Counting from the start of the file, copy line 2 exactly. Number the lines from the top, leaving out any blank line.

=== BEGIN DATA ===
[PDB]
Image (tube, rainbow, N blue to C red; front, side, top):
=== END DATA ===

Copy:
Image (tube, rainbow, N blue to C red; front, side, top):